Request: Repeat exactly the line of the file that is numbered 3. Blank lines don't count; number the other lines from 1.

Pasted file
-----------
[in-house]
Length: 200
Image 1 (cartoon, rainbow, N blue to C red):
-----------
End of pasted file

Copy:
Image 1 (cartoon, rainbow, N blue to C red):